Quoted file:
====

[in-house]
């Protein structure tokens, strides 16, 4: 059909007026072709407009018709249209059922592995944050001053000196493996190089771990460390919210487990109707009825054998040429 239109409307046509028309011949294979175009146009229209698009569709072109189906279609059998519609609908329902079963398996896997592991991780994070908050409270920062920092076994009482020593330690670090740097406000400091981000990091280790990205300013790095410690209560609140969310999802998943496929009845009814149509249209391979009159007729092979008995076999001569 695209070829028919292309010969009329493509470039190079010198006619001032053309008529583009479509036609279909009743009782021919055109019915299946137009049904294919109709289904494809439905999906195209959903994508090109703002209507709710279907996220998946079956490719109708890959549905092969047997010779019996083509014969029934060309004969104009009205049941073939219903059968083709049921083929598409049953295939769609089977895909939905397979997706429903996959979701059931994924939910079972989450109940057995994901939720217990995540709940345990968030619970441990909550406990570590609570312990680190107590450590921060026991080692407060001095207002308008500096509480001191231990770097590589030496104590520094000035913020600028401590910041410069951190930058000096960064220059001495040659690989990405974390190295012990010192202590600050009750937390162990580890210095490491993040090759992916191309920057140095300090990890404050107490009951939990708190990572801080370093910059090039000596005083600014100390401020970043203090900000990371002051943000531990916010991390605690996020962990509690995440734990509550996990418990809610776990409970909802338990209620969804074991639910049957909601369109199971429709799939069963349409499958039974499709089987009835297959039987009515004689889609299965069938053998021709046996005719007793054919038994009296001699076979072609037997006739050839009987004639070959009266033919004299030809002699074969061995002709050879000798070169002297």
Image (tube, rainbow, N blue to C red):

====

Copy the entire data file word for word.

[in-house]
């Protein structure tokens, strides 16, 4: 059909007026072709407009018709249209059922592995944050001053000196493996190089771990460390919210487990109707009825054998040429 239109409307046509028309011949294979175009146009229209698009569709072109189906279609059998519609609908329902079963398996896997592991991780994070908050409270920062920092076994009482020593330690670090740097406000400091981000990091280790990205300013790095410690209560609140969310999802998943496929009845009814149509249209391979009159007729092979008995076999001569 695209070829028919292309010969009329493509470039190079010198006619001032053309008529583009479509036609279909009743009782021919055109019915299946137009049904294919109709289904494809439905999906195209959903994508090109703002209507709710279907996220998946079956490719109708890959549905092969047997010779019996083509014969029934060309004969104009009205049941073939219903059968083709049921083929598409049953295939769609089977895909939905397979997706429903996959979701059931994924939910079972989450109940057995994901939720217990995540709940345990968030619970441990909550406990570590609570312990680190107590450590921060026991080692407060001095207002308008500096509480001191231990770097590589030496104590520094000035913020600028401590910041410069951190930058000096960064220059001495040659690989990405974390190295012990010192202590600050009750937390162990580890210095490491993040090759992916191309920057140095300090990890404050107490009951939990708190990572801080370093910059090039000596005083600014100390401020970043203090900000990371002051943000531990916010991390605690996020962990509690995440734990509550996990418990809610776990409970909802338990209620969804074991639910049957909601369109199971429709799939069963349409499958039974499709089987009835297959039987009515004689889609299965069938053998021709046996005719007793054919038994009296001699076979072609037997006739050839009987004639070959009266033919004299030809002699074969061995002709050879000798070169002297």
Image (tube, rainbow, N blue to C red):